May 11, 2004 (ENS): Birds in the expanded European
Union of 25 countries may experience serious problems
in the new member states that joined the bloc on May 1.
The danger to wildlife and rural landscapes is EU agricultural
policy, the bird conservation group BirdLife International
The new member states - Cyprus, the Czech Republic, Estonia,
Hungary, Latvia, Lithuania, Malta, Poland, Slovakia and
Slovenia - will bring to the EU flowery meadows, diverse
farmland habitats and a wealth of plants and animals.
Many farmland bird species that are now uncommon in much
of western Europe are still widespread in most of the
new Eastern European member states. The eight mainland
accession countries will bring more than 76,000 pairs
of white storks Ciconia ciconia to the EU. Currently,
there are just 5,700 pairs in northwest Europe.
But intensive agriculture has already decimated farmland
birds in the first 15 EU countries, and no real strategy
is in place in the new member states to prevent wildlife
from being swept away by the implementation of the Common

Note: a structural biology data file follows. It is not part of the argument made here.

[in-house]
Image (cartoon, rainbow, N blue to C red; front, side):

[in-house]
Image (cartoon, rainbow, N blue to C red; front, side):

Agricultural Policy (CAP) says.
"We urgently need to avoid the same mistakes in the
new member states," said Giovanna Pisano, Agriculture
Task Force coordinator with BirdLife.
Hungary and Poland are home to several birds threatened
with global extinction, including the great bustard Otis
tarda, the Corncrake Crex crex; and the Aquatic Warbler
"Supporting and training farmers to understand wildlife
needs will be a crucial step," said Clairie Papazoglou,
who heads BirdLife's European Community Office.
BirdLife is now lobbying for more Common Agricultural
Policy funds to be allocated to protecting and creating
wildlife rich areas in the new member states.